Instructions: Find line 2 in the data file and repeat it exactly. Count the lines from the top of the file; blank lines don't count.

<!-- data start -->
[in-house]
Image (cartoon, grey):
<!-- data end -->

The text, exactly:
Image (cartoon, grey):